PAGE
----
What's in the name: filter puzzles

A forum to ask questions, post setups, and generally discuss anything having to do with photomacrography and photomicroscopy.

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ModelZ
Posts: 15
Joined: Sun Nov 01, 2020 4:34 am
Location: Northern Europe

What's in the name: filter puzzles

Post by ModelZ »

Been lately tinkering with two fluorescence scopes. One DIY and one old school - no ready made cubes here. So you have to figure out how the filters & dichros match up. Its been both fascinating and frustrating.

Part of the problem are the cryptic filter codes. If I have a mystery filter at hand I can try to measure it against my existing short and long pass filters to figure it out what it's about. If I just have a code then what? Well, BP, LP, SP, KP, TK... embedded in somewhere there is a clear hint. Even rudimentary German helps to guess. Found also short code guides in Nikon and Olympus pages. Schott pages are useful and e.g. ultravioletphotography.com has a handy cross ref. for some manufacturer's most common filters.

So my question is this: is there in some dark corner of the net a "filter bible" that some tormented soul who has been fighting these same ghosts has compiled?

Just to hint at these strange flavors... Olympus has Y-filters (yellow long pass) but then there is also e.g. EY455. Dug up some Oly brochures and finally Abramowitz's fluoro book to no avail. E=excitation only, optical quality ok for that but not for the image light train? Or perhaps just Extra? Add on to sharpen the excitation distribution. Oly infos I found are insufficient.

Anyone ever encountered CAT425? Reichert offered it for violet excitation. I suspect it is (interference?) BP filter of some bandwidth at the given peak wavelength. But again, just a guess.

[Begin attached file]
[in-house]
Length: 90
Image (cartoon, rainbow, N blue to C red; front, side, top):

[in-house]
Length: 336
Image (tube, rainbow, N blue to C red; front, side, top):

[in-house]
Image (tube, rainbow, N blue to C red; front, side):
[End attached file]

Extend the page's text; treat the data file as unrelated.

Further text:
It's not just that manufacturers insist on their own notations, it'd even more dense. Schott is German and Very Logical but what the heck is the thinking behind e.g. the code BG36? Its transmission curve is like a seismograph plot at earthquake while its nearest neighbors on both sided (BG25, BG38, 39 etc.) all have smooth unimodal curves and are mutual relatives (red suppression/IR-block etc.).

Well, this got longish. I go now back to my hole and quietly stare at my little disks...

Cryptically yours, Karl

Pau
Site Admin
Posts: 5269
Joined: Wed Jan 20, 2010 8:57 am
Location: Valencia, Spain

Re: What's in the name: filter puzzles

Post by Pau »

Interesting post, this is a somewhat complex world, often unnecessarily arcane.
So my question is this: is there in some dark corner of the net a "filter bible" that some tormented soul who has been fighting these same ghosts has compiled?
I appreciate the sense of humor.
I don't think that anyone here has access to that hidden "filter bible" but be sure that there are highly skilled members able to answer specific questions on filters.
Pau

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